In these final chapters to the Book of Genesis, Jacob dies at a ripe old age of 147. But before dying, he blesses the children of Joseph, placing his right hand on the head of Ephraim, the younger of the two, and telling Joseph that he is doing this on purpose, because the younger will be greater than the older.
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Jacob also gives a specific blessing to each of his children, renouncing Reuben for having slept with his father’s concubine, telling Levi and Simeon that their anger and violence was a sin (when they slew all the men of Shechem), telling Judah that he would be prince among the tribes and rule over them until the coming of Shiloh, which is generally considered to mean the Messiah (not all Jewish commentators agree that this is a messianic prophecy), and establishing what will become the identifying traits of the other sons.
He makes them swear to bury him in the cave at Machpelah, where his father and grandfather are buried, along with their wives. He then dies, is embalmed, and carried to the cave along with a giant retinue, and the whole country mourns for him.
When all are back in Goshen, the brothers of Joseph are concerned that now, with his father dead, Joseph might take revenge on them and they approach him promising to be his slaves, but he tells them that what they intended for evil, God turned to good so that many lives could be saved. Joseph promises his brothers to take care of them and their little ones. He tells them that one day God will bring them all back to their homeland, the land God gave to Abraham and makes them swear that when that day comes, they will carry his bones out of Egypt.
The book ends with the death of Joseph at 110 years of age.
חזק חזק ונית חזק!
(Be strong, be strong, and let us be strengthened!)
For me, one of the most meaningful messages for us from the story of Joseph is how God has a plan, for every one of us, but we never really know what it is until it happens.
I am pretty sure that when Joseph was thrown in the pit by his brothers, he wasn’t looking forward to the future, but was wondering if he would even have a future! Yet, he managed to end up as the second most powerful man in the known world and in a position to save God’s chosen people from extinction.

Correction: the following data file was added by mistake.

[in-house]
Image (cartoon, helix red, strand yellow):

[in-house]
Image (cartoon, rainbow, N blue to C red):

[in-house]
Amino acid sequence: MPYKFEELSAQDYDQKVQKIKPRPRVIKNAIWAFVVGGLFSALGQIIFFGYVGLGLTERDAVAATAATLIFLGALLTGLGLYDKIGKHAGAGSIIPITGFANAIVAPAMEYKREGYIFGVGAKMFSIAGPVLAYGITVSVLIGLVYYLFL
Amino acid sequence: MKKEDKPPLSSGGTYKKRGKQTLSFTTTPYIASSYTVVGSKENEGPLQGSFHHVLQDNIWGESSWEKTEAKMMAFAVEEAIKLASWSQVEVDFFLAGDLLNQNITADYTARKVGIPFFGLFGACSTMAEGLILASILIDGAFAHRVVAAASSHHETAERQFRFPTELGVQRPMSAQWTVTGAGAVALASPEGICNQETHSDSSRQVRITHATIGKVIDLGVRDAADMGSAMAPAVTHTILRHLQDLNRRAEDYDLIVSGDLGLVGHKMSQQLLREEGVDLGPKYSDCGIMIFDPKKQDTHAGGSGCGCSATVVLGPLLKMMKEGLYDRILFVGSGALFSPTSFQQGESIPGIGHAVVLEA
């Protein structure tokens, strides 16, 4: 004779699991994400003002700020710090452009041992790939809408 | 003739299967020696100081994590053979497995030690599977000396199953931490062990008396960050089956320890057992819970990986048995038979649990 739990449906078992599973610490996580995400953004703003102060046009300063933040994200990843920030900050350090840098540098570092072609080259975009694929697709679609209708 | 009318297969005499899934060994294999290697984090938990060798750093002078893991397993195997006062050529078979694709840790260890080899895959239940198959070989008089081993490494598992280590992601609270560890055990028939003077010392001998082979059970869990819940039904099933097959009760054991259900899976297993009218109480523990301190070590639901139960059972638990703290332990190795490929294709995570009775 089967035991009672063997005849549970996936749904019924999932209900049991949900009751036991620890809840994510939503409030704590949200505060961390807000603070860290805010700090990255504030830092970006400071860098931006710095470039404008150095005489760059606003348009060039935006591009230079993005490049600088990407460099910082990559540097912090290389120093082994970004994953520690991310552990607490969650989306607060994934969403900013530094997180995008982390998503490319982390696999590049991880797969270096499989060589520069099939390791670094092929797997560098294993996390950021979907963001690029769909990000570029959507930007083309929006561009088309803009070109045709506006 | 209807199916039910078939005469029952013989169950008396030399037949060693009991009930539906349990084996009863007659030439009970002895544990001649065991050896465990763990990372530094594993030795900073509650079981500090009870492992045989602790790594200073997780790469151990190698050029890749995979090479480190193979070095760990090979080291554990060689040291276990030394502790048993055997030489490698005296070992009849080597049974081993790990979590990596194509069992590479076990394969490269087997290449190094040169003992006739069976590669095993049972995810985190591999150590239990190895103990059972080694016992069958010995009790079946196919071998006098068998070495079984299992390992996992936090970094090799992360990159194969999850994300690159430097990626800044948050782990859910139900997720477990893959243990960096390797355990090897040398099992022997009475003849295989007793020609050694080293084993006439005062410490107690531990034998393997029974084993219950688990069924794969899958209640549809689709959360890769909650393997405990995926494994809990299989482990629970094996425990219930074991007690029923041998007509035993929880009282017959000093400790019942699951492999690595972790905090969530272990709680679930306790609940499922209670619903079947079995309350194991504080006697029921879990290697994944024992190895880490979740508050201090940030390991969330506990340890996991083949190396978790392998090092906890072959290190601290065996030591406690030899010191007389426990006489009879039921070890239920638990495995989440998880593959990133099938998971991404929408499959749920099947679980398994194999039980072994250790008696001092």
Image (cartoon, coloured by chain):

I find it interesting (because I don’t really believe in coincidence) that we are coming to the end of this story just as we are entering a new year. For just as Joseph didn’t know what plan God had for him until it happened, coming through this past year we all are somewhat concerned about what the future holds. Normally, we look forward to the new year, but right now I think most people aren’t looking forward to the new year as much as they are looking forward to ending the one we just came through!
So what does Joseph’s story have for us today? Simply this: we don’t know what God is planning for us, and we don’t know when it will come about, and we don’t even know if it will be easier or if we still have more fire to pass through. But, what we do know, what we can learn from Joseph, is that so long as we maintain our faith in God, which we demonstrate through obedience to his instructions, and trust that he is working all things for our good, eventually, then we will come out of this tsouris better than when we went into it.
Personally, I believe this horrible year is just the start. We have, as a country, kicked God out of nearly everything important, from our system of justice, to our schools, and even from society, in general. We are more concerned about offending sinful people and those who want to kill us than we are about offending God! And sooner or later, as we see throughout the Tanakh, when we reject God he will reject us. And for those who are still righteously faithful and God-fearing, we also see throughout the Tanakh how the innocent become collateral damage when the sinful leaders must be punished.
So, let us hope I am wrong and that we are coming out of the fire, cleansed of dross and purer than when this year started.
As we leave 2020 behind, pray that the light at the end of the tunnel is, in fact, the opening to a new and better place, and not actually an express train barreling down on us.
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For those who celebrate the New Year, may it bring you joy and blessings.
Until next time, L’hitraot and Shabbat Shalom!